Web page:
Views: 4 Author: Ada Ru Publish Time: 2023-02-23 Origin: Site
Recently, there seems to be a little too much written about optical fiber. Hehe, this year is the 50th year of the invention of"Low-loss optical fiber." One is to take advantage of this big background to commemorate it, a nod to the industry's big names and top companies, and a nod to the recent OFC paper that follows this trend. G. 654e-compatible ultra-low-loss, large-effective-area optical fiber has become an essential element for large-capacity, long-distance coherent transmission, as you may be aware, in fact, the capacity of coherent optical communication is ultimately determined by the loss and non-linear two factors, or even it is not an exaggeration to say that the essence of the loss of optical fiber entirely restricts the transmission distance of optical fiber. The reason, think about it will naturally understand. The trend is that people seem tired of improving performance and capacity at a 0.5dB granularity. This can be seen from the hot degree of research on space division multiplexing optical transmission technology, such as multi-core, few-mode, etc. . Even the conservative industry, now also on C + L multi-band, and even extended band, all-band optical communication devices, equipment, the pursuit of almost obsessive. It had to be said that cutting costs was never as fast or direct as open source. After all, the new technology could double or even increase the capacity of traditional optical fiber by an order of magnitude or two.
The best way to honor the legend is to break his record. Transcendence is the greatest respect for the elders. Today I want to introduce the hollow fiber, but also to the conventional solid glass fiber beyond it. First of all, we introduce the principle and advantages of hollow-core optical fiber, research history and technical evolution, and then talk about its application progress.
1. Hollow-core optical fiber light guiding principle of the most simple direct hollow-core optical fiber light guiding principle should be the following picture, the most intuitive. Different from the total reflection principle of the conventional optical fiber waveguide, the hollow fiber core is air, so the light guide depends on the light restraint of the cladding. In figure 1, for example, light is reflected by a highly reflective silver that is confined to the air core. Although the appearance is a little rough, but the general meaning should be in place. The technique, first proposed in 1960s, involves coating the inner walls of glass capillaries with a reflective film that transmits mid-infrared light in the middle. However, because the hole is larger to film, but the hole is larger transmission mode is more, this structure is more difficult to achieve long-distance single-mode transmission. Figure 1. Concept of Hollow Core Fiber with the development of technology, special designed cladding structure, such as Hollow Core Fiber, has been put forward in the 1980s and 1990s. Its light guiding principle is photonic band gap effect. Similar to the bandgap concept in semiconductors, the cladding air-hole structure of the fiber has strict periodicity. When the periodic structure is destroyed by the introduction of the core, the defect or local state with a certain bandwidth is formed, and only light waves with a certain frequency can propagate in the defect region, light waves of other frequencies can not travel and thus form a constraint on light. With this structure, the refractive index of the core layer need not be higher than that of the cladding layer, thus more practical hollow-core fiber comes into being, its structure is various, as shown in Figure 2. Figure 2. The cross sections of hollow-core photonic crystal fibers with different structure designs have a very large initial loss, which is basically the ~ db/cm level. Until now, after more than 20 years of development, the loss of hollow-core fiber with this structure may be the best and it is very difficult to achieve below 2DB/km. In order to overcome the high loss of hollow-core fiber, a new kind of hollow-core fiber based on anti-resonant principle is proposed recently, as shown in Figure 3. It uses the coherent reflection of light back and forth between the tubular glass films in the fiber to confine the light near the air core and propagate along the axis. The effect of the glass film in the fiber is similar to that of the FP resonator, which makes the transmission line appear multi-peak, and the peaks are separated into multiple high-reflection regions, also known as anti-resonant windows. In these windows, grazing incidence from the hollow core will result in very high reflection, thus greatly reducing the leakage loss of the optical fiber. The characteristics of band-gap-guided fiber depend mainly on the special design of cladding microstructure, and the low-loss band of this kind of anti-resonant fiber can be realized only by changing the thickness of glass film, this kind of fiber can provide lower loss than conventional fiber at any wavelength. Figure 3. Low-loss anti-resonant hollow fiber structure, the light field is restricted in the middle of the hexagonal region
2. The advantages of hollow-core optical fibers such as hollow-core optical fibers are widely studied, because of its obvious advantages: a) low time delay, light mainly transmits in the core region near the air hole, the refractive index is lower than the solid glass, the transmission rate is faster, and the end-to-end optical fiber transmission delay is 31% smaller than the existing optical fiber. This is very important for current and future time-sensitive communication situations. B) ultra-low nonlinearity, the nonlinear effect of hollow-core fiber is 3 to 4 orders of magnitude lower than that of conventional fiber materials. This point for the existing optical fiber in the current non-linear bottleneck encountered, simply does not exist. C) large mode field diameter, hollow core fiber module diameter can be much larger than ordinary single mode fiber even when it can guarantee single mode transmission, up to 30um, which greatly reduces the power density in the fiber, and the damage threshold power of the fiber is greatly increased, so it is not afraid of burning fiber any more. D) low dispersion, hollow-core fiber can provide low dispersion of ~ 2ps/nm/km in the ultra-wide spectrum range of thousands of NM, which is nearly 10 times smaller than the existing fiber, and can compensate the dispersion almost differently in optical domain or even electric domain. E) ultra-wide operating frequency band, designed to provide ultra-wide transmission frequency bands from mid-infrared to 3UM with a band range of more than 1000 nm, easily supporting the O, S, E, C, L, U bands of ordinary optical fibers. F) potential ultra-low loss. Although the loss of hollow-core fiber is relatively large, in theory, the theoretical minimum limit of hollow-core fiber in communication window can be as low as 0.1 db/km, which is smaller than 0.14 db/km of normal quartz fiber. H) controllable polarization state, because the photonic crystals in the cladding are easy to form birefringence, the polarization state in the hollow core fiber is easy to be maintained, that is, it has the function of polarization preservation.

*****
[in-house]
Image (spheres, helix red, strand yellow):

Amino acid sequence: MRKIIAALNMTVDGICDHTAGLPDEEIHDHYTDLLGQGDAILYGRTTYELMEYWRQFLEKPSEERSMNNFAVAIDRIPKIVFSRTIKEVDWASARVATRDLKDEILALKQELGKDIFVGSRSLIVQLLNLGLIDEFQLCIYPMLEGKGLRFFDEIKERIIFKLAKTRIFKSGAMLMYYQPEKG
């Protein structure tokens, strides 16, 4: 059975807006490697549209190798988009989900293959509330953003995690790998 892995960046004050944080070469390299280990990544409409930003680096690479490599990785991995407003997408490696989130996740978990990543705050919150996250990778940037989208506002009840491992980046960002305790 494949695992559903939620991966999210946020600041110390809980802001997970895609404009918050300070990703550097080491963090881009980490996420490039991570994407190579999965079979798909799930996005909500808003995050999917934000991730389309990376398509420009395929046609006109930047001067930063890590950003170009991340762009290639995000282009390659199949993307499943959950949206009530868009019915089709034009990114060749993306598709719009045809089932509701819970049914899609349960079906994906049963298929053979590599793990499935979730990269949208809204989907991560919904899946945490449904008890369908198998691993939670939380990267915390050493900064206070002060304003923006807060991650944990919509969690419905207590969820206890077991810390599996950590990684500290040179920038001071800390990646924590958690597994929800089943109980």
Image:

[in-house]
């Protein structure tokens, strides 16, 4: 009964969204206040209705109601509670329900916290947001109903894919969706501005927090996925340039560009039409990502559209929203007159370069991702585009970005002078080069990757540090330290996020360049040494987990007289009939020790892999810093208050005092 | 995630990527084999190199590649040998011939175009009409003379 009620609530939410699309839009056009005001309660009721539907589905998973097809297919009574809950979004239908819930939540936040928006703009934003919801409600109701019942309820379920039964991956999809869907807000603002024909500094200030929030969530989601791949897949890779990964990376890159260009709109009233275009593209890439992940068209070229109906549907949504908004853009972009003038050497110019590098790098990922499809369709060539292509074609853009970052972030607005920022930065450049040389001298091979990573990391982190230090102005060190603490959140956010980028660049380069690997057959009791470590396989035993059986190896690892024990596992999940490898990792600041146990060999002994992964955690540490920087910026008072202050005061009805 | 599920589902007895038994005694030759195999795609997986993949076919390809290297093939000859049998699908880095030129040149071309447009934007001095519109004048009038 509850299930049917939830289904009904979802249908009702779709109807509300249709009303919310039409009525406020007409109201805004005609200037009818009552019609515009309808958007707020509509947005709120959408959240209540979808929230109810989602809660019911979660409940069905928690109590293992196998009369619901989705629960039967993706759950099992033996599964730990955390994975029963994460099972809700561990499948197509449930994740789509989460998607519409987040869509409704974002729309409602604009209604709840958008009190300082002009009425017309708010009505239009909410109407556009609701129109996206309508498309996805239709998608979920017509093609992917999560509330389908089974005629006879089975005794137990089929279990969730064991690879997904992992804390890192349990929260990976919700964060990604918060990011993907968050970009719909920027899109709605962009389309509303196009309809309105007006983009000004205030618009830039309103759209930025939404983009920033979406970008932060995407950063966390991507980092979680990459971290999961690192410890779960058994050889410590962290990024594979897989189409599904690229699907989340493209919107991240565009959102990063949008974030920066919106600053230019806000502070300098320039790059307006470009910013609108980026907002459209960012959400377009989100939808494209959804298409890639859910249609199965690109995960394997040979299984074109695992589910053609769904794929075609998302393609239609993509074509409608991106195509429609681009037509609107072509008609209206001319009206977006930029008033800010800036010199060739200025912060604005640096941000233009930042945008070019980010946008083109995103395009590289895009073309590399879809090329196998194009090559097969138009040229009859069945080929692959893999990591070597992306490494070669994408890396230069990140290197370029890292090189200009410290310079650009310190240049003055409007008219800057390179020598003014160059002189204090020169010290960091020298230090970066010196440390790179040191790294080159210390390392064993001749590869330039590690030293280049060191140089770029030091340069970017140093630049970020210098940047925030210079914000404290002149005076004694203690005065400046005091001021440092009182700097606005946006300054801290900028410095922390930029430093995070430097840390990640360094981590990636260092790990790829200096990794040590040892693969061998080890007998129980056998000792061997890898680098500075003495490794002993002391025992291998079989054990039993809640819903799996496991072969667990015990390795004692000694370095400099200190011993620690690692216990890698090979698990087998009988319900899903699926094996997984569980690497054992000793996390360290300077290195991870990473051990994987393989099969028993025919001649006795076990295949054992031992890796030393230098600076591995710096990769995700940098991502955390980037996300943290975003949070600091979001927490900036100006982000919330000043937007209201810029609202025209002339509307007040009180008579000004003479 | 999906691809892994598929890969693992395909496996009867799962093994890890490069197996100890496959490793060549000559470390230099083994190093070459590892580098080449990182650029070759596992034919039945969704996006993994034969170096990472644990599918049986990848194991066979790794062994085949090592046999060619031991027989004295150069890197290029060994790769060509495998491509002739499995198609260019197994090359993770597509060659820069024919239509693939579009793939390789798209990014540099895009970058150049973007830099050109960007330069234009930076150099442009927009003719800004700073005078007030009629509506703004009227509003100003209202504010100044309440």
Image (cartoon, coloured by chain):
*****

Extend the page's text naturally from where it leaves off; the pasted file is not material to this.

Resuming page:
3. The history of hollow-core fiber research and technological evolution as mentioned above, although the idea of hollow-core fiber was first proposed in the 1960s, but at that time, no suitable natural material was found to fill the hollow core to provide high reflectivity, so the deep research of hollow fiber didn't really start until the 1990s. In 1991, Russel proposed the pioneering idea of filling two-dimensional photonic band-gap crystal materials into optical fibers, as shown in Figure 4(a) . He also predicted that microstructured glass capillary arrays could act as fiber cladding materials, thus, the low loss transmission of light in the air core is realized. By 1995, Briks et al developed the out-of-plane photonic band gap theory and demonstrated the existence of two-dimensional photonic band gap in the hollow core filled with a triangular array of air holes filled with massive quartz. In 1999, Cregan and Knight et al first observed the phenomenon of light conduction in hollow-core optical fibers. It is proved that it is feasible to use micro-structured artificial materials to replace the conventional total reflection light guide, that is, photonic band-gap photonic crystal fiber or hollow fiber. Figure 4. Development and cross-section of hollow-core fiber in 2002, Conning announced the realization of a photonic bandgap hollow-core fiber with a loss of 13 db km and a 7 cell, the Bath team then used a 19-cell design to reduce the loss to 1.7 db/km in 2004. Due to the high proportion of air filled, greater than 0.94, the air holes changed from a circular ring into a rounded hexagon, the geometry of the cladding changed into a regular hexagon, and the glass nodes were connected by a network of glass films, as shown in Figure 4(D) . These glass nodes can support different order of bound photon resonators and mode coupling between adjacent glass nodes to create photonic band gap effect in the hollow core. These glass films are indispensable for mechanical support, but they may also adversely affect the bandwidth and loss bandwidth of optical fibers. Since the discovery in 2010 of a core with a negative curvature radius, the loss of this hollow-core fiber has quickly dropped from DB/M to tens of DB/km, and many structural improvements have been made until 2018, the loss of 2DB/km at 1512nm is realized based on the cojoined tude fiber. By 2019, the University of Southampton will have reduced the loss of hollow-core fibers to 1.3 db km using double-glazed tube-embedded resonant-resistant node-free fiber (NANF) technology, and the C + L band loss will be reduced to 0.65 db km after structural optimization, it is shown for the first time that the loss of hollow-core fiber can approach the potential of ordinary fiber. Further, at this year's OFC, University of Southampton researchers pushed the record to 0.28 db km loss and fiber length to 1.7 km. Figure 5. Loss Reduction in University of Southampton NANF hollow fibers we focus on University of Southampton improvements to low loss hollow fibers. In 2018, the ECOC reported a loss of 1.3 db/km in hollow-core fiber, which was cut in half to 0.65 db/km in last year's ECOC PDP paper, the supported wavelength window covers the C and L communication bands. Based on loop experiment, 61-wave WDM PM-16QAM signal can transmit 125km hollow fiber, while single-wave PM-QPSK can transmit 341km hollow fiber. Some design improvements have been made to improve the micro-bending loss (reducing core diameter size) and leakage loss (reducing azimuth clearance, improving the angle direction of the pipeline, and better longitudinal consistency) , this year OFC successfully reduced the loss record of hollow-core fiber to less than half again. The loss is 0.28 ± 0.04 db/km in the range of 1510-1610 nm and slightly higher at 1640 nm, about 0.3 db/km, which is very close to the requirement of single-mode long-distance transmission system. In the past 18 months, they have reduced the loss of hollow-core fibers by a factor of 10, from 3.5 to 0.28 db/km, just twice the minimum loss of existing fibers. It also increased the maximum transmission distance by a factor of 10, from 75km at the start to 750km. The reduction of optical fiber loss mainly depends on the introduction of two technologies. One is that there is no node connection at the contact of the glass tube, which avoids the increase of the glass thickness at the node to produce the resonance effect on the fiber performance. The second is to embed small glass tubes in large glass tubes to reduce light leakage from the hollow region by a thousand times. At the same time, the thickness of the coated glass tube is reduced by half to 0.5 um. This not only reduces the loss, but also expands the low-loss window of the hollow-core fiber by 3 times to more than 120 nm of 1520 ~ 1650 nm. The increase in fiber length is due to improvements in fiber-drawing technology, from 500m to 1.2 km to 1.7 km recently, with the use of larger prefabricated rods for better consistency. Furthermore, by comparing the finite element simulation with the experimental results, they also decomposed the hollow fiber loss into light leakage loss, micro-bending loss and surface scattering loss in a certain proportion, it is an irregular scattering caused by Surface roughness, which is the ultimate limiting factor of hollow-core fiber loss, and its potential limit can be less than 0.1 db km.